Open Access Dissertation
Doctor of Philosophy (PhD)
Year Degree Awarded
Month Degree Awarded
Artificial Intelligence and Robotics | Graphics and Human Computer Interfaces
Digital representations of 3D shapes are becoming increasingly useful in several emerging applications, such as 3D printing, virtual reality and augmented reality. However, traditional modeling softwares require users to have extensive modeling experience, artistic skills and training to handle their complex interfaces and perform the necessary low-level geometric manipulation commands. Thus, there is an emerging need for computer algorithms that help novice and casual users to quickly and easily generate 3D content. In this work, I will present deep learning algorithms that are capable of automatically inferring parametric representations of shape families, which can be used to generate new 3D shapes from high-level user specifications, such as input sketches.
I will first present a deep learning technique that generates 3D shapes by translating an input sketch to parameters of a predefined procedural model. The inferred procedural model parameters then yield multiple, detailed output shapes that resemble the user's input sketch. At the heart of our approach is a deep convolutional network trained to map sketches to procedural model parameters.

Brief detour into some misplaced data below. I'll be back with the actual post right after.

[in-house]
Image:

Procedural models are not readily available always, thus I will present a deep learning algorithm that is capable of automatically learning parametric models of shape families from 3D model collections. The parametric models are built from dense point correspondences between shapes. To compute correspondences, we propose a probabilistic graphical model that learns a collection of deformable templates that can describe a shape family. The probabilistic model is backed by a deep convolutional network that learns surface point descriptors such that accurate point correspondences are established between shapes.
Based on the estimated shape correspondence, I will introduce a probabilistic generative model that hierarchically captures statistical relationships of corresponding surface point positions and parts as well as their existence in the input shapes. A deep learning procedure is used to capture these hierarchical relationships. The resulting generative model is used to produce control point arrangements that drive shape synthesis by combining and deforming parts from the input collection.
With these new data driven modeling algorithms, I hope to significantly shorten the design cycle of 3D products and let detail-enriched visual content creation become easy for casual modelers.
Huang, Haibin, "DEEP-LEARNED GENERATIVE REPRESENTATIONS OF 3D SHAPE FAMILIES" (2017). Doctoral Dissertations. 1098.